After presenting the Bolsoi Ballet, Kennedy Center played host to England’s Royal Ballet. Read about it in the Pittsburgh Post-Gazette.
After taking a few days to visit with friends in Connecticut, I’ll turn to Jacob’s Pillow, one of America’s most venerable dance festivals, which is located in western Massachusetts. There I’ll be able to catch an encore performance Ballet Maribor’s production of “Radio & Juliet,” presented last October by the Pittsburgh Dance Council and set to music by Radiohead (revisit the review as well at the Pittsburgh Post-Gazette).
Also appearing will be LAFA & Artists, founded in 2007 by Martha Graham Company and Cloud Gate Dance Theatre luminary Fang-Yi Sheu. Based in Taiwan, the company will perform the American premiere of “37 Arts,” choreographed by co-founder Bulareyaung Pagarlava (also formerly of Cloud Gate), “Single Room” and the world premiere of a work based on the couple’s experience at the Pillow last year.
It’s easy to get drenched in dance at the Pillow, where there will also be photo exhibits on Alvin Ailey, Merce Cunningham and cartoonist Jules Feiffer. On Wednesday and Thursday there will also be informal performances by local artists and a talk by Ann Hutchinson Guest.
I just saw The Royal Ballet’s “Manon” at Kennedy Center last night and came upon this rehearsal footage with the opening night cast. Enjoy!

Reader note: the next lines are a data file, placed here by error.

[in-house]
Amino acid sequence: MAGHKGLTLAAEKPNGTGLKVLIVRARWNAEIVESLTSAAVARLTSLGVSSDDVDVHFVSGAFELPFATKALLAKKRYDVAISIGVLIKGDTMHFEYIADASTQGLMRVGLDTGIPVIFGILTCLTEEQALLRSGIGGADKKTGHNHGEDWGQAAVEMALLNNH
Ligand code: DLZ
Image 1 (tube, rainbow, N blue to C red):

Yes, I’ll be spending one hot summer day in one of my favorite cities — New York. If Washington D.C. had an intriguing Ballet Smackdown going between the Bolshoi and Royal Ballets, American Ballet Theatre has a Ballerina Smackdown to offer in a pair of performances Saturday in “Swan Lake” on Saturday. You might ask, “Who needs that?” But this has a glorious twist.
Michele Wiles, a young ballerina with a contemporary flair, gets the Saturday afternoon matinee along with one this past Wednesday. She’s the only female with two performances on a roster that includes a flock of Swan Queens, including Irina Dvorovenko, Gillian Murphy, Diana Vishneva, Paloma Herrara and Veronika Part.
But that’s not all. On Saturday evening, international star Nina Ananiashvili will give her final performance at American Ballet Theatre, something that promises to have a gala atmosphere about it. Angel Corella will be her Siegfried.
Check my review of “Le Corsaire” online at the Pittsburgh Post-Gazette.
On television’s So You Think You Can Dance, Emmy award-winning choreographer and judge Mia Michaels seems undeterred by Nigel Lythgoe, unfazed by the screaming from Mary Murphy and nonplussed by the whole audience scene. Recently the Emmy-winning choreographer took time to break out of the television box and showed up for a workshop that was sponsored by a persistent staff from the Elite Dance By Damion studio at The Chadwick banquet and meeting facility in Wexford.
The executives at Capezio would have been gnashing their teeth. There were over a hundred young dancers, most clothed in tee shirts (some of the “Flashdance” variety), knit tops and sports bras, often paired with boy shorts. Bare feet, tube socks and footies were de rigueur, with not a dance shoe in sight. It was much like a mini-audition for SYTYCD.